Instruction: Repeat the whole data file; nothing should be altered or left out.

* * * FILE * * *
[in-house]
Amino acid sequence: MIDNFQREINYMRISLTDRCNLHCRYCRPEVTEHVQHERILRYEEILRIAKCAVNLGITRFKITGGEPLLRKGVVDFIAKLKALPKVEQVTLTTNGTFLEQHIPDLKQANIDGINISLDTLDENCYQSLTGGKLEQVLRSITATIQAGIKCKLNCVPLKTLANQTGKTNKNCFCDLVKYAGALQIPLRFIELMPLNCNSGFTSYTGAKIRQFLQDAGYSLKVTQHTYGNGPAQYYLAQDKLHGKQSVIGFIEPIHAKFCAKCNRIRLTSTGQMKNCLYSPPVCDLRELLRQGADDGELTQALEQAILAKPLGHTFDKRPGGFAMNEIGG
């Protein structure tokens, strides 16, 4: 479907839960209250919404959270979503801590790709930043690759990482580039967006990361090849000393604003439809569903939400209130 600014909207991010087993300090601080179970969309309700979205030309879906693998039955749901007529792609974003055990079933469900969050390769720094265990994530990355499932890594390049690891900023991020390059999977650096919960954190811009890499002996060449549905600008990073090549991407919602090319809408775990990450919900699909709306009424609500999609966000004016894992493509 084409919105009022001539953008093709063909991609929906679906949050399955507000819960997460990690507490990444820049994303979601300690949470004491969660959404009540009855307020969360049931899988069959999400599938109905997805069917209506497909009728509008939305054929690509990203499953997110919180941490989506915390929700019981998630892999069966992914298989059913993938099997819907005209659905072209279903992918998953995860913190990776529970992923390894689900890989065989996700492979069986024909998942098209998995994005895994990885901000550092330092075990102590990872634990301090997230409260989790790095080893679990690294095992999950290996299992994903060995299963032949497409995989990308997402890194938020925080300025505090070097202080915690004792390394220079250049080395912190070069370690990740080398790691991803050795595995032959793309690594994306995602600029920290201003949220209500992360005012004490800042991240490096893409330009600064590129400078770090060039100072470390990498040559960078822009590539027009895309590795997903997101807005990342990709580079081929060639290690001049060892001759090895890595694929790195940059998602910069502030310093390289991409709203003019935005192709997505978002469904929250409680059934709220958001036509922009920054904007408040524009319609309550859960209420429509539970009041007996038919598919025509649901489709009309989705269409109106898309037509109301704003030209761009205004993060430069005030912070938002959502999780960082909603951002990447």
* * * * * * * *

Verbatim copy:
[in-house]
Amino acid sequence: MIDNFQREINYMRISLTDRCNLHCRYCRPEVTEHVQHERILRYEEILRIAKCAVNLGITRFKITGGEPLLRKGVVDFIAKLKALPKVEQVTLTTNGTFLEQHIPDLKQANIDGINISLDTLDENCYQSLTGGKLEQVLRSITATIQAGIKCKLNCVPLKTLANQTGKTNKNCFCDLVKYAGALQIPLRFIELMPLNCNSGFTSYTGAKIRQFLQDAGYSLKVTQHTYGNGPAQYYLAQDKLHGKQSVIGFIEPIHAKFCAKCNRIRLTSTGQMKNCLYSPPVCDLRELLRQGADDGELTQALEQAILAKPLGHTFDKRPGGFAMNEIGG
């Protein structure tokens, strides 16, 4: 479907839960209250919404959270979503801590790709930043690759990482580039967006990361090849000393604003439809569903939400209130 600014909207991010087993300090601080179970969309309700979205030309879906693998039955749901007529792609974003055990079933469900969050390769720094265990994530990355499932890594390049690891900023991020390059999977650096919960954190811009890499002996060449549905600008990073090549991407919602090319809408775990990450919900699909709306009424609500999609966000004016894992493509 084409919105009022001539953008093709063909991609929906679906949050399955507000819960997460990690507490990444820049994303979601300690949470004491969660959404009540009855307020969360049931899988069959999400599938109905997805069917209506497909009728509008939305054929690509990203499953997110919180941490989506915390929700019981998630892999069966992914298989059913993938099997819907005209659905072209279903992918998953995860913190990776529970992923390894689900890989065989996700492979069986024909998942098209998995994005895994990885901000550092330092075990102590990872634990301090997230409260989790790095080893679990690294095992999950290996299992994903060995299963032949497409995989990308997402890194938020925080300025505090070097202080915690004792390394220079250049080395912190070069370690990740080398790691991803050795595995032959793309690594994306995602600029920290201003949220209500992360005012004490800042991240490096893409330009600064590129400078770090060039100072470390990498040559960078822009590539027009895309590795997903997101807005990342990709580079081929060639290690001049060892001759090895890595694929790195940059998602910069502030310093390289991409709203003019935005192709997505978002469904929250409680059934709220958001036509922009920054904007408040524009319609309550859960209420429509539970009041007996038919598919025509649901489709009309989705269409109106898309037509109301704003030209761009205004993060430069005030912070938002959502999780960082909603951002990447």